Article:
Sunchoke Soup with Hazelnuts

This recipe is from the Eating Local in the Depth of Winter recipe demo and presentation I gave at the Northwest Flower and Garden Show. Thank you so much to everyone who came out to learn just how delicious it can be to eat from your garden, even in the “low time.”

To view all recipes in the NWFGS 2013 series, click here.



  • 2 tbsp unsalted butter
  • 1 medium onion, rough chopped
  • 1 celery stalk, rough chopped
  • 1 leek, white and pale green parts only, rough chopped
  • 2 large garlic cloves, smashed and rough chopped
  • 2 pounds Jerusalem artichokes, unpeeled, scrubbed very well and chopped
  • 1 quart chicken or vegetable stock 
  • ½ cup heavy cream
  • ⅛ tsp freshly grated nutmeg, or to taste 
  • 2 tbsp. apple cider vinegar, or to taste
  • Salt and black pepper, to taste
  • Extra virgin olive or hazelnut oil, minced chives or parsley and chopped toasted hazelnuts, for garnish (optional)


In a large stockpot over medium heat, melt butter. Add onion, celery, leek and garlic and cook, stirring frequently, until fragrant and translucent.

Add chopped Jerusalem artichokes and stock to pot and bring to a simmer. Let cook about 45 minutes, until Jerusalem artichokes are tender. Add heavy cream and season to taste with nutmeg, apple cider vinegar, salt and pepper.

Puree soup with an immersion blender until smooth and thick.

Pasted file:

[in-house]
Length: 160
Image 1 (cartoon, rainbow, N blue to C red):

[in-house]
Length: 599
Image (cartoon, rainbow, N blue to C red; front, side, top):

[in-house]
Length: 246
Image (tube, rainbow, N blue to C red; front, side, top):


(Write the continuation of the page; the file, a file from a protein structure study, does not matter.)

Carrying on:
Serve, if desired, drizzled with olive or hazelnut oil and garnished with minced chives and hazelnuts.


  1. Scott Senkeresty says

    So… seriously. How much gas are we dealing with when we eat sunchokes?

    The inulin cannot be broken down by the human digestive system,[14] which can cause flatulence and, in some cases, gastric pain. Gerard’s Herbal, printed in 1621, quotes the English planter John Goodyer on Jerusalem artichokes:
    “which way soever they be dressed and eaten, they stir and cause a filthy loathsome stinking wind within the body, thereby causing the belly to be pained and tormented, and are a meat more fit for swine than men.”[15]

    • says

      LOL! Actually, Chow just had an article devoted to the, ahem, “Fartichoke” and the consensus seems to be that the older they are, the worse the effects are (+1 to homegrown vs. store-bought), that some people are more sensitive than others, and that you should probably keep quantities reasonable.

      Now, I checked with Homebrew Husband, who reports to me that Sunchokes are highly fermentable. I therefore conclude that, if the gastric issues concerns you, intrepid off-grid types consider using Sunchokes to make either hooch or biofuel. :)

      • Scott Senkeresty says

        mmmm, hooch. I’ve only had them a few times, but really enjoyed them. Was considering growing some… either for me, or futures pigs. They tough to find for planting?

        Some amusing comments in that fartichoke thread (first time I heard that term, awesome!)

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